Award gives incentive to aim higher
Engineering was Storm Burrows’ dream career but the 2015 Waikato Dairy Industry Awards finalist is glad it never eventuated.
The 19- year- old competed against 27 other entries in this year’s Waikato Dairy Trainee of the Year competition.
Burrows is only just finishing his second full season farming but said he had experience on his side in the competition.
This is the second year he has entered in the trainee of the year category.
The former Putaruru College student’s fulltime farming career began last season down in Wairarapa where his former manager encouraged him to enter.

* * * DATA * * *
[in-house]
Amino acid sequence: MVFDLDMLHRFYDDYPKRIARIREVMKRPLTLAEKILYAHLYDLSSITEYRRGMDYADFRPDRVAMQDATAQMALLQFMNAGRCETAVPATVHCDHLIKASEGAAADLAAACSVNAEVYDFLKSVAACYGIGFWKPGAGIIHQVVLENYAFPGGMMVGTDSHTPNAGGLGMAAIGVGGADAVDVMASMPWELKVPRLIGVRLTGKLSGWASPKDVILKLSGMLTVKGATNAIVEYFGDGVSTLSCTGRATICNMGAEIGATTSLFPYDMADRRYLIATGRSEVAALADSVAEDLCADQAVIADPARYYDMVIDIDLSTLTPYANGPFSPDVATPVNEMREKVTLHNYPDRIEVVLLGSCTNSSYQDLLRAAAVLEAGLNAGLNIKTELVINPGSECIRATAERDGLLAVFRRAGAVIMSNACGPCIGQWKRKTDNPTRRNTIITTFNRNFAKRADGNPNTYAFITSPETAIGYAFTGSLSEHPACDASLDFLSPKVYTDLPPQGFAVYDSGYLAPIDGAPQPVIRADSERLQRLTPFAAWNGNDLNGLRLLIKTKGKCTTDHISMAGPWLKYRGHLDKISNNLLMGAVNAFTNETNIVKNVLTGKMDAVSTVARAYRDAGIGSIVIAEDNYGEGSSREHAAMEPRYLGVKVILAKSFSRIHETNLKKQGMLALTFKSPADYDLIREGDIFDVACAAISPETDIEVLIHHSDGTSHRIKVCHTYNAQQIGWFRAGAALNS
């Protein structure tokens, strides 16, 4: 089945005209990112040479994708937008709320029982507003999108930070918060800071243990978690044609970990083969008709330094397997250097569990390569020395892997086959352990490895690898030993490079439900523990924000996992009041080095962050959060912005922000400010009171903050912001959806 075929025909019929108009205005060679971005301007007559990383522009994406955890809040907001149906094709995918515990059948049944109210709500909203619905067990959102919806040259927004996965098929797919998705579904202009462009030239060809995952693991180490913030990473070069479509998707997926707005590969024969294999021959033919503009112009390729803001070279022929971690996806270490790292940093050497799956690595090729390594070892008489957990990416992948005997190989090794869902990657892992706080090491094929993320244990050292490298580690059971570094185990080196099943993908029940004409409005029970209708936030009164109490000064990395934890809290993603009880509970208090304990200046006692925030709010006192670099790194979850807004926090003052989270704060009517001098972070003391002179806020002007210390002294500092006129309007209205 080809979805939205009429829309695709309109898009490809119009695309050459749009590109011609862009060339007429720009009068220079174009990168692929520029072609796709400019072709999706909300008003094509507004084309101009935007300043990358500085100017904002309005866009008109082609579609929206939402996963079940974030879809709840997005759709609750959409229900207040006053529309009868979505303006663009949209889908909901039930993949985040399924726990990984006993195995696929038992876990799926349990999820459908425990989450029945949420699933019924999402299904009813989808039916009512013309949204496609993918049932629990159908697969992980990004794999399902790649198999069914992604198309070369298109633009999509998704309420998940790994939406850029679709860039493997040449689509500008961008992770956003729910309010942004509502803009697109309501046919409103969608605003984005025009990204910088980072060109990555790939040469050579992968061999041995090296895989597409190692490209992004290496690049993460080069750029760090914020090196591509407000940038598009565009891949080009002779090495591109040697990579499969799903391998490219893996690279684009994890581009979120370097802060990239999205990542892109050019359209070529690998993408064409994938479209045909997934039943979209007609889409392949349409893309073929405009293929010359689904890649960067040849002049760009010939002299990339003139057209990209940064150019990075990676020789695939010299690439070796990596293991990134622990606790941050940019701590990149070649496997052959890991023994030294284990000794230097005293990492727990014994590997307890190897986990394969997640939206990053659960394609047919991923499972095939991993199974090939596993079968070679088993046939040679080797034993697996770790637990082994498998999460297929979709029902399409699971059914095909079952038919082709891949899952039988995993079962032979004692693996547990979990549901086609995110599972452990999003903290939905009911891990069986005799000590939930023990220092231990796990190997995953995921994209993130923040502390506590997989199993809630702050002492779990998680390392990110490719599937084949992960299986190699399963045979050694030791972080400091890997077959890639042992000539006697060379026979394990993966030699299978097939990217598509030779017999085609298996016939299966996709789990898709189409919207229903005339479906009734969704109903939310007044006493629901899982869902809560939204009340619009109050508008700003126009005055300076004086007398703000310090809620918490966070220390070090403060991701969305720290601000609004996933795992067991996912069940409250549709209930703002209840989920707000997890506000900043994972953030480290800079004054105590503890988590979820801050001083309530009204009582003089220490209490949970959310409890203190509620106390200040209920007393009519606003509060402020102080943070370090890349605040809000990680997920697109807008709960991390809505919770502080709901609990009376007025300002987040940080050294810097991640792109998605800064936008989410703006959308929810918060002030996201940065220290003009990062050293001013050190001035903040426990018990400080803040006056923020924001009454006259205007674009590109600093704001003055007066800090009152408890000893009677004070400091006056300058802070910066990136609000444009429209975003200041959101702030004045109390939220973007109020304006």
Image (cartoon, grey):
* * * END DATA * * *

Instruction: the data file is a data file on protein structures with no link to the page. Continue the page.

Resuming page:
‘‘I went along, I didn’t make the top six though.
‘‘When I left [Wairarapa], I set a goal to beat where I got before.’’
And a few hours of study and a touch of hard work later, he has accomplished that goal.
Burrows, who is now the 2IC on a Putaruru farm that milks 335 cows at peak, said he can visualise his future in the industry.
‘‘Eventually one day I’d like to own my own farm.’’
He has even paved out the milestones he will need to check off to get there.
But this was not always his career of choice.
‘‘I was actually going to be an engineer. Farming was just around at the time.’’
And it beats being in a office, he said.
Opportunities such as the one he was granted through the Waikato Dairy Industry Awards are great incentives to keep aiming higher, he said.
‘‘You get to meet a lot of people and practice skills you don’t do a lot of on the farm.’’
YOUNG FARMER: Storm Burrows, 19, has had a cracking start to his dairy farming career by being selected as a finalist in the 2015 Waikato Dairy Industry